Your move, Stan.
In what is beginning to look like an old fashioned game of Texas Hold ’Em, Leo J. Hindery Jr.’s InterMedia Partners raised the ante for Outdoor Channel last week, bumping up its previous bid to $9.75 per share and trumping a revised offer for the hunting-and-fishing channel by billionaire sports mogul Stan Kroenke.
InterMedia’s latest offer is valued at about $253 million, about $50 million richer than its original November bid for the company and $26 million more than the $8.75 per share Kroenke Sports & Entertainment, the Denver sports conglomerate headed by Kroenke, proposed in March.
InterMedia touched off the most recent round of bidding on April 30, when it lobbed in a surprise $9.15 per share all-cash offer for the network. At the time, InterMedia managing partner Peter Kern said that given the synergies between Outdoor Channel, InterMedia’s own Sportsman Channel network and its 15 outdoor lifestyle magazines, it would be tough for any other rival to beat its offer.
“I do believe that nobody is in a better position than us to own this in terms of the economics of buying it,” Kern said after making the April 30 bid. “I think we’re all getting into nosebleed territory, but hopefully we put out enough to carry the day.”
But a day is about all the InterMedia proposal carried. On May 2, Kroenke Sports — led by the 92ndrichest man in the United States, with an estimated net worth of $5 billion, according to Forbes — wrote a bigger check, agreeing to increase its offer for Outdoor to $9.35 per share.
Outdoor Channel said at the time that its board of directors had accepted the new Kroenke Sports proposal and recommended its shareholders vote in favor of the deal in a special meeting of stockholders slated for May 8. On Friday, the network backtracked a bit, acknowledging that it had received the latest InterMedia offer and that its board “will review the proposal.”
The deep-pocketed Kroenke could easily keep the bidding going, and investors appear to be betting on it. Outdoor Channel stock soared again in early trading May 3 to $10.03 (up 6%, or 57 cents per share) suggesting that the bidding war could continue. Since April 30, Outdoor stock has risen about 18%, from $8.75.
Officials at Kroenke Sports did not return a request for comment.
In an interview last Friday, after it had made its latest bid, Kern said that InterMedia’s feelings about the channel haven’t changed.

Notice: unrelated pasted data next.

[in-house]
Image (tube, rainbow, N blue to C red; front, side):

“Like I said all along, we’re the right owners [for Outdoor],” Kern said. “Hopefully, we’re now in a place where I just can’t see how it can be worth this much to anyone but us. But you never know.”
And based on recent deals and the parties’ stomach for it, the price could rise once again.
Kern estimated that the current offer represents a 14 times to 15 times cash flow multiple for Outdoor. That compared to an average trading multiple of about 10.8 times cash flow for most media conglomerates, according to an analyst who did not want to be named because he did not cover Outdoor.
“It’s definitely above the comps,” Kern said of the price offered by InterMedia. “It’s rich territory. If we weren’t already in the industry and didn’t have the synergies and someone said ‘Hey, you could buy Outdoor Channel for 14 times EBITDA,’ I’d need that like a hole in the head.”
But Kern stressed that synergies with its Sportsman Channel and its magazine properties make the price worthwhile to InterMedia.
“We stretched [the offer] because we can do more with it, because we have synergies, because the economics work differently,” Kern said.
And recent deals have been even pricier. In January, Al Jazeera paid an estimated $500 million for Current TV, which is available in about 50 million U.S. homes. That multiple was an eye-popping 132.7 times 2013 cash flow, according to SNL Kagan.
Scripps Networks Interactive paid an estimated 17 times cash flow for The Travel Channel in 2009, but that network is fully distributed. Outdoor is available in about 38 million homes across the U.S.
Field-sports service Outdoor Channel has become the target in an old-fashioned bidding war.
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